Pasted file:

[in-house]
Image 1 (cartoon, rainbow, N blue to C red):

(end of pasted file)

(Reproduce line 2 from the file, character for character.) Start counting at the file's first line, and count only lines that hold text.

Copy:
Image 1 (cartoon, rainbow, N blue to C red):